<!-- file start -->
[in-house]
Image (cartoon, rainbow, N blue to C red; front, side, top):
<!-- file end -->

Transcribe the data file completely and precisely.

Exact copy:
[in-house]
Image (cartoon, rainbow, N blue to C red; front, side, top):